During March, my afternoon constitutional sends me to the sugar bush on the back of our farm. Normally, we finish sugaring by the first day of spring, but this year the ground lies imprisoned with frost, drifts of snow block sections of farm roads, and not a pussy willow shows a silver tip.
I trudge though a planting of pines and hope - since the thermometer shows 37 degrees F. - that the sap is flowing. As I near the back pond, still gray with rotting ice, the rasping cry of a single sandhill crane ripples through the surrounding woods.
Four feet tall, his forehead brushed with red, the great bird arches forward, his black-tipped wings brushing the pewter-colored ice as he rises into the gray sky. He calls for his companions, but I do not hear their reply. I wonder: Was this bird a scout sent ahead to select this year's breeding site? I slip into the stand of maple trees and peer into sap buckets. Only a few are half full as the trees struggle between winter and spring.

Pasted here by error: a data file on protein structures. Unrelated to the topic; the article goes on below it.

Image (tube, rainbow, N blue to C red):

Later that evening as I go out to collect eggs, I hear the cranes. So high up are they that they are mere specks wheeling in a mighty feathery nebula above our barn. Their cries sift down like the snowflakes spitting upon my cheeks. Somehow these imposing birds can feel the heartbeat of the earth far better than my booted feet. The lengthening days draw them northward and their cries trumpet over the fields, a fanfare for spring.